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Rain boosts Hydro, bogs farmers

Edition_177_Lake Gordon ... strong recovery from record low

Spring rain lifted Hydro Tasmania’s storage levels to beyond 45 per cent for the first time in almost three years, but the wet weather seriously disrupted agriculture and threatens vegetable and poppy shortages.

Farmers in many areas of the State struggled to get their crops planted before conditions improved late in October.

Most major rivers were on flood alert at some stage during the month, with many farms and some towns experiencing their second inundations of the year.

Hydro Tasmania was one of the few to benefit from the wild weather, with dams recovering more quickly than expected after sinking to a record low of 12.8 per cent in late April.

The State-owned generator announced a $65 million loss for 2015–16, partly reduced from a predicted $90 million by trading power generated by spilling dams.

The business had made a $62.3 million profit the previous year, but was forced by the conjunction of a 176-day BassLink outage and drought to spend $47 million running the gas-fired Tamar Valley Power Station and a further $64 million on diesel generation.

Hydro Tasmania does not expect to return a dividend to Treasury until 2019-20.

The rain that helped Hydro’s storages was not so welcome on the land, with many farmers struggling to get into their paddocks during the critical spring planting period.

The Chairman of Tasmanian Farmers and Graziers Association’s Vegetable Council, Nathan Richardson, told The Mercury conditions in early October had made life difficult for farmers across the State.

“I’ve had it said to me quite a few times lately that people just want 2016 to end,” Mr Richardson said. “It has been a shocking year.”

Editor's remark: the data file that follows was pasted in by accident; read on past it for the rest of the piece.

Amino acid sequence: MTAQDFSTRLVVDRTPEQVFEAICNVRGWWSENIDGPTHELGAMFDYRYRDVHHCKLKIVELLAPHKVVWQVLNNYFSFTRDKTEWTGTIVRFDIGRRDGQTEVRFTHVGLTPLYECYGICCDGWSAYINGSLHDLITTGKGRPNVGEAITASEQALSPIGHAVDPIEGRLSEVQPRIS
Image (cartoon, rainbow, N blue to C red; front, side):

Mr Richardson, of Thirlstane, was one of a few farmers in his district who were able to plant potatoes in early October.

“These types of conditions do make it very challenging, not only when you’re trying to get crops in, but also for crops that have already been planted.

“There will definitely be some losses because of this.”

The prime agricultural districts of Cressy and Longford were among the worst affected, with some farmers unable to plant at all.

Even farmers with planted crops were facing challenges in getting on to water-logged ground to apply weed, disease and pest controls.

Latrobe dairy farmer Geoff Heazlewood, whose paddocks, house and dairy were inundated when the Mersey River flooded in June and again in October, said the spring flooding had been less traumatic.

“We moved the cows; and it was a fairly decent flood, but nothing like the last one. It didn’t come up near the house or anything,” he said.

“The river was right up, but there wasn’t as much debris floating past this time.

“I suppose that’s because the river had already been cleaned out by the big flood. This time it was just a lot of dirty water.”

An agronomist in the northern midlands, Craig Soward said: “I’ve recorded the rain for 10–15 years and I’ve never seen as much rain as this … how that’s going to play out for suppliers of fresh vegies come Christmas time and the New Year, I’m not too sure at this stage.”

A loan scheme put in place for flood-affected farmers had limited up-take because many businesses were not in a position to take on any more debt.

Image courtesy of the ABC

1 November 2016, Tasmania’s Stories Edition 177

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